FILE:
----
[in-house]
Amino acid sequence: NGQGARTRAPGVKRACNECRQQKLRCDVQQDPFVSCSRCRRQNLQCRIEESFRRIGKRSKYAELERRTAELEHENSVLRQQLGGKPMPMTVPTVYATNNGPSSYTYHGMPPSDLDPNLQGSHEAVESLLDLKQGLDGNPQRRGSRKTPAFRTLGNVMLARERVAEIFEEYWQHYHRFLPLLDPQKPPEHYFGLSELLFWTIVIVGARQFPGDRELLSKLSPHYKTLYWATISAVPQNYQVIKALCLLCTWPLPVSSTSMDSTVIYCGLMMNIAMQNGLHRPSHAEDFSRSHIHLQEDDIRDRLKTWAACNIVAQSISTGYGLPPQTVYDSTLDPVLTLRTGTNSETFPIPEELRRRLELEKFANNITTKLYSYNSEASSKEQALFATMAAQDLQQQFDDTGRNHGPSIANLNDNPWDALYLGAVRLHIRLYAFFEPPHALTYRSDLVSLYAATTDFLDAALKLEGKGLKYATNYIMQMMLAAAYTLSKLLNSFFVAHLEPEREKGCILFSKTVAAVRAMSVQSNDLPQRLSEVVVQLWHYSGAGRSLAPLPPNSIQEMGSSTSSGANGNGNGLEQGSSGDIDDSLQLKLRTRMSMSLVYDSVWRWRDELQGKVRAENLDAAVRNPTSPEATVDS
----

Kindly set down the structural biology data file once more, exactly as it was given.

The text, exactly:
[in-house]
Amino acid sequence: NGQGARTRAPGVKRACNECRQQKLRCDVQQDPFVSCSRCRRQNLQCRIEESFRRIGKRSKYAELERRTAELEHENSVLRQQLGGKPMPMTVPTVYATNNGPSSYTYHGMPPSDLDPNLQGSHEAVESLLDLKQGLDGNPQRRGSRKTPAFRTLGNVMLARERVAEIFEEYWQHYHRFLPLLDPQKPPEHYFGLSELLFWTIVIVGARQFPGDRELLSKLSPHYKTLYWATISAVPQNYQVIKALCLLCTWPLPVSSTSMDSTVIYCGLMMNIAMQNGLHRPSHAEDFSRSHIHLQEDDIRDRLKTWAACNIVAQSISTGYGLPPQTVYDSTLDPVLTLRTGTNSETFPIPEELRRRLELEKFANNITTKLYSYNSEASSKEQALFATMAAQDLQQQFDDTGRNHGPSIANLNDNPWDALYLGAVRLHIRLYAFFEPPHALTYRSDLVSLYAATTDFLDAALKLEGKGLKYATNYIMQMMLAAAYTLSKLLNSFFVAHLEPEREKGCILFSKTVAAVRAMSVQSNDLPQRLSEVVVQLWHYSGAGRSLAPLPPNSIQEMGSSTSSGANGNGNGLEQGSSGDIDDSLQLKLRTRMSMSLVYDSVWRWRDELQGKVRAENLDAAVRNPTSPEATVDS